Is CBDC Based on Blockchain?
It depends on the type of central bank digital currency (CBDC) being used. Some CBDCs may be based on blockchain technology, while others may use a different type of distributed ledger technology (DLT) or a centralized ledger system.
Token-based CBDCs, which represent a specific unit of the currency, are more likely to be based on blockchain technology. In this case, the central bank issues digital tokens that can be transferred between users and stored on a decentralized ledger, similar to how cryptocurrencies work.
Account-based CBDCs, on the other hand, are more likely to use a centralized ledger system. In this type of CBDC, the central bank maintains an account for each user and tracks their transactions on a centralized ledger. The central bank can use these accounts to directly transfer funds between users, similar to how traditional bank accounts work.
The Advantages And Disadvantages Of Central Bank Digital Currencies (CBDCs).
You’ll notice is very similar to the one Risks And Benefits comparison.
Here are some potential advantages of CBDCs:
- Increased accessibility: CBDCs can be accessed and used by anyone with an internet connection, which can make it easier for people in remote or underserved areas to access financial services.
- Increased efficiency: CBDCs can potentially be used to facilitate faster and cheaper transactions, as they can be transferred and settled electronically without the need for intermediaries.
- Increased financial inclusion: CBDCs can potentially make it easier for people who are unbanked or underbanked to access financial services, as governments will create new and innovative ways to get all of their citizens involved.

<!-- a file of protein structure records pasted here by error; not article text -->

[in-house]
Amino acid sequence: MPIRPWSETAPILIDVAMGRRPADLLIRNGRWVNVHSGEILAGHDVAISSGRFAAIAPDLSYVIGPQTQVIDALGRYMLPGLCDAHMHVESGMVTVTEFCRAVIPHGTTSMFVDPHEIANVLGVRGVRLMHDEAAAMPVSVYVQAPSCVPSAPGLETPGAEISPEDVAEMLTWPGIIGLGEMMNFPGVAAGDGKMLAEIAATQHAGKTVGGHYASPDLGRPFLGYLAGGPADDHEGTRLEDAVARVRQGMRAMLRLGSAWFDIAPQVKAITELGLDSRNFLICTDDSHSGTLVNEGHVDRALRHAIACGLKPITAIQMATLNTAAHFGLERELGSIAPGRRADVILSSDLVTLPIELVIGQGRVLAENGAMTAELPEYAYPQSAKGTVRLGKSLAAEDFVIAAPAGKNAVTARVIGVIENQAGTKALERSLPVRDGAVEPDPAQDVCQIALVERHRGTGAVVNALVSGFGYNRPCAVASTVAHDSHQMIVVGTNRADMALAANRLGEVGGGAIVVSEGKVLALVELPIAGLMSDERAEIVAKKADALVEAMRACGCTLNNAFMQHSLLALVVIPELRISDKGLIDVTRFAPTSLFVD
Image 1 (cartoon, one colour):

- Increased stability: CBDCs can potentially provide a stable store of value, as they are issued and backed by central banks, which can help to reduce the risk of inflation.
Here are some potential disadvantages of CBDCs:
- Security and privacy risks: CBDCs may be vulnerable to hacking and other cybersecurity threats, as well as to potential abuses of personal data.
- Potential impact on the financial sector: CBDCs could potentially disrupt the traditional financial sector, as they may compete with traditional banks and other financial institutions.
- Legal and regulatory challenges: The issuance and use of CBDCs may raise a number of legal and regulatory challenges, including issues related to money laundering, terrorism financing, and tax evasion.
- Technological challenges: The development and implementation of CBDCs may require significant technological infrastructure and resources, which could be challenging for some central banks.
Gradually broadening my scope of knowledge on the various digital currencies. It’s always good to learn new things.